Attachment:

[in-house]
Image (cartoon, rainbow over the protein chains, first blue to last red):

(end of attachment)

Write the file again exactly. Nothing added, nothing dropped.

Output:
[in-house]
Image (cartoon, rainbow over the protein chains, first blue to last red):